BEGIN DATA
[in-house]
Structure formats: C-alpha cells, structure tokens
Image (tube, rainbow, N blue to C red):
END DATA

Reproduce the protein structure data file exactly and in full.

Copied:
[in-house]
Structure formats: C-alpha cells, structure tokens
Image (tube, rainbow, N blue to C red):